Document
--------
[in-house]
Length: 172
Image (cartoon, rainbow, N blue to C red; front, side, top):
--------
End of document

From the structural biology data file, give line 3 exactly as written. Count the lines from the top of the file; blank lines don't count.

Image (cartoon, rainbow, N blue to C red; front, side, top):